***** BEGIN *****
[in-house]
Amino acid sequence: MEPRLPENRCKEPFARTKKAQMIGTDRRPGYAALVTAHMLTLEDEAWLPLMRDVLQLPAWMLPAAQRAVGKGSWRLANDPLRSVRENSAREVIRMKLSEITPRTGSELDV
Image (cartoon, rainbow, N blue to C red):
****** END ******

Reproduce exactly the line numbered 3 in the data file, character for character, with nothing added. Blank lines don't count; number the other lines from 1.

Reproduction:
Image (cartoon, rainbow, N blue to C red):